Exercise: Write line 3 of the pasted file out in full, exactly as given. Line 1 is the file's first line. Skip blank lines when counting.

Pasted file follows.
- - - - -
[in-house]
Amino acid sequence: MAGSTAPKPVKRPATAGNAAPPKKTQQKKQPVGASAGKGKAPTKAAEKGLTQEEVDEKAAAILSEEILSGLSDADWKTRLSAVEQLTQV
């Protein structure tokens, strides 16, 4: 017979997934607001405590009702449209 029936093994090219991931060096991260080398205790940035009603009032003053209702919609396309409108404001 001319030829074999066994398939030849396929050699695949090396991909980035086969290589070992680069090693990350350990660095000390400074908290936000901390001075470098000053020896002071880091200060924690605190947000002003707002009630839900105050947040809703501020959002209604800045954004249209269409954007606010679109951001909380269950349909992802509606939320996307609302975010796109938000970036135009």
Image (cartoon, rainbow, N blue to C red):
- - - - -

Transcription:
């Protein structure tokens, strides 16, 4: 017979997934607001405590009702449209 029936093994090219991931060096991260080398205790940035009603009032003053209702919609396309409108404001 001319030829074999066994398939030849396929050699695949090396991909980035086969290589070992680069090693990350350990660095000390400074908290936000901390001075470098000053020896002071880091200060924690605190947000002003707002009630839900105050947040809703501020959002209604800045954004249209269409954007606010679109951001909380269950349909992802509606939320996307609302975010796109938000970036135009």